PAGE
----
Address by Achim Steiner at the Signing of the Strategic Cooperation Agreement Between the Government of Iraq and UNEP zo, jan 26, 2014

The agreement will provide a framework for long term collaboration to address priority environmental issues in the context of sustainable national development.

UN Under-Secretary-General and UNEP Executive Director Achim Steiner was received by the Iraqi Minister of Environment Eng. Sargon Slewa

Your Excellency Dr Nouri Al Maliki. The Prime Minister of Iraq,

Your Excellency Eng. Sargon Lazar Slewa, The Minister of Environment,

Your Excellency Mr. Nickolay Mladenov, The Special Representative of the UN Secretary General to Iraq,

Excellencies, Ministers, Representatives of the Diplomatic and Donor Communities,

Colleagues from the UN family,

Ladies and Gentlemen,

Asslamo Alaykum and Good morning,

I would like to start by expressing my sincere gratitude to the Government of Iraq - especially Prime Minister Al Maliki and Minister Slewa - for generously extending their invitation to me to visit Iraq: the cradle of human civilization and the land of rich and diverse natural heritage; from the flowing waters of the Tigris and Euphirates to the Mesopotamian Plains and the Zagros Mountains.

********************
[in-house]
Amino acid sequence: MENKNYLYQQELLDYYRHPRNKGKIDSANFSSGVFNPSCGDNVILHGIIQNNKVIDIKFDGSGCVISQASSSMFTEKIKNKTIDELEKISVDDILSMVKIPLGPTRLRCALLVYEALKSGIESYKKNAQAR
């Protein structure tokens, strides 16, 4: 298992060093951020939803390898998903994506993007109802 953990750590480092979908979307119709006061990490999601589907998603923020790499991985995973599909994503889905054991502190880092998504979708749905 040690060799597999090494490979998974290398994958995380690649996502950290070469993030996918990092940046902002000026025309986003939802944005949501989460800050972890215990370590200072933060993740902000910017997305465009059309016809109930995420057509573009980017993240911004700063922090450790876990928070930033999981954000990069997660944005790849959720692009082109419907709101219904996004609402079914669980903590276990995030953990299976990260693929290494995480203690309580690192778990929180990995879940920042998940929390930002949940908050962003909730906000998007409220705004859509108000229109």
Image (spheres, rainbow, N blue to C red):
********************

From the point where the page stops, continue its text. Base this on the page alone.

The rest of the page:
It was here that the world's first writing system and first ever recorded history were born, well over seven centuries ago.

It is a privilege to be here today as Iraq takes confident steps towards charting a future development path built on the foundations of sustainability, green economic growth and building environmental resilience.

I would like to congratulate the Prime Minister, the Minister of Environment and the People of Iraq for the inauguration of the Year of Environment in Iraq.

It is a pioneering initiative that I hope will inspire and catalyze environmental action both in Iraq and the region.

It is becoming that, on this occasion, the Government of Iraq and UNEP should sign their first Strategic Cooperation Agreement.